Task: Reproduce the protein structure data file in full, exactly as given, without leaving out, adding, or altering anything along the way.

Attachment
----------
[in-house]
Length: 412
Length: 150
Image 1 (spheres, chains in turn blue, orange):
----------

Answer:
[in-house]
Length: 412
Length: 150
Image 1 (spheres, chains in turn blue, orange):